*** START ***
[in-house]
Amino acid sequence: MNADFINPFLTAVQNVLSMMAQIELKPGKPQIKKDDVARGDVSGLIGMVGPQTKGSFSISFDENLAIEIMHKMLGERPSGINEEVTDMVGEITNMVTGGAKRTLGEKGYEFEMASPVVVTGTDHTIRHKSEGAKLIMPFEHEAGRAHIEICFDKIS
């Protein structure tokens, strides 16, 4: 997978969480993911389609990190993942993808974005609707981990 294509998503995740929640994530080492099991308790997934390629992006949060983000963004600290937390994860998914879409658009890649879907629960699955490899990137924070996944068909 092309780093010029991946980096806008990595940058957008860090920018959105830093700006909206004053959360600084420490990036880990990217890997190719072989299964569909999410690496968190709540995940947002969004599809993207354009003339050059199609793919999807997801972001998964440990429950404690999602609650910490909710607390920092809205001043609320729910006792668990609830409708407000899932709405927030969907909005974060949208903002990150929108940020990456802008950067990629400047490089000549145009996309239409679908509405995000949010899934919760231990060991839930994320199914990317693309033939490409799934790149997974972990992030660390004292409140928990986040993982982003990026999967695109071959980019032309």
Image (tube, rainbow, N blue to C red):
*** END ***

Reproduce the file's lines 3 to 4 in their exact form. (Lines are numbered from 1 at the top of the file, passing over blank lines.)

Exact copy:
């Protein structure tokens, strides 16, 4: 997978969480993911389609990190993942993808974005609707981990 294509998503995740929640994530080492099991308790997934390629992006949060983000963004600290937390994860998914879409658009890649879907629960699955490899990137924070996944068909 092309780093010029991946980096806008990595940058957008860090920018959105830093700006909206004053959360600084420490990036880990990217890997190719072989299964569909999410690496968190709540995940947002969004599809993207354009003339050059199609793919999807997801972001998964440990429950404690999602609650910490909710607390920092809205001043609320729910006792668990609830409708407000899932709405927030969907909005974060949208903002990150929108940020990456802008950067990629400047490089000549145009996309239409679908509405995000949010899934919760231990060991839930994320199914990317693309033939490409799934790149997974972990992030660390004292409140928990986040993982982003990026999967695109071959980019032309």
Image (tube, rainbow, N blue to C red):